College of Arts and Sciences
Learning a Language
Why Learn a Foreign Language?
There are many reasons for learning a foreign language. Some are quite obvious and you have probably heard of them already.
Communicating with other people in their language and through their culture (and feeling the euphoria of doing so). There is nothing so amazing as to be able to interact effectively with people from a language and culture other than our own. Not only do we get a great feeling of satisfaction with our achievement but we then become automatically included in their conversations and activities. Of course, this is great at the personal level but it is also great when doing business or helping others or, for that matter, being helped by others. It is a wonderful way of forging friendships in a world where friendship is becoming increasingly important for the survival of all.
You may have known about these advantages already, but did you know that the study of a foreign-language has many other benefits, some of which are hidden but which, nevertheless, are real and extremely valuable? What this means is that as you are learning another language, you are also improving your chances of enjoying a much better life. The following list of advantages is based on serious research findings which include:
Enhanced Academic Achievement
- language learning correlates with higher academic achievement on standardized test measures
- language learning is beneficial to both monolingual English and English language learners in bilingual and two-way immersion programs
- language learning is beneficial in the development of students' reading abilities
- there is a correlation between language learning and students ability to hypothesize in science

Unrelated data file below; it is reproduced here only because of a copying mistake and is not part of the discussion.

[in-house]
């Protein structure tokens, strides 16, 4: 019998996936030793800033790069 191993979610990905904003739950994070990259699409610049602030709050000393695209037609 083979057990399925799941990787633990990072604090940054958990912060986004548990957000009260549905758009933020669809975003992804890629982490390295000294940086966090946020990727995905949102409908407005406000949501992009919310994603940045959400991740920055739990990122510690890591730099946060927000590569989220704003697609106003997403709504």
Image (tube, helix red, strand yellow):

- there is a correlation between young children second language development and the development of print awareness
- heritage learners who use their language skills to interpret and translate for family members experience higher academic performances and greater self efficacy
- there is a correlation between language study in higher scores on the SAT and ACT tests
- there is evidence that early language learning improves cognitive abilities
- there is evidence that bilingualism correlates with increased cognitive development and abilities
- there is a correlation between bilingualism and the offset of age-related cognitive losses (Alzheimer's disease) - so studying another language will help you lead a longer and healthier life
- there is a correlation between bilingualism and memory skills
- there is a correlation between bilingualism and problem-solving ability
- There is a correlation between bilingualism and improved verbal and spatial abilities
Language learning also seems to affect attitudes and beliefs about language learning another cultures. For example research suggests that language learners develop a more positive attitude toward the target language and/or the speakers of that language. This helps significantly in creating better relations between human beings.
For details, please consult http://actfl.org/i4a/pages/index.cfm?pageid=4524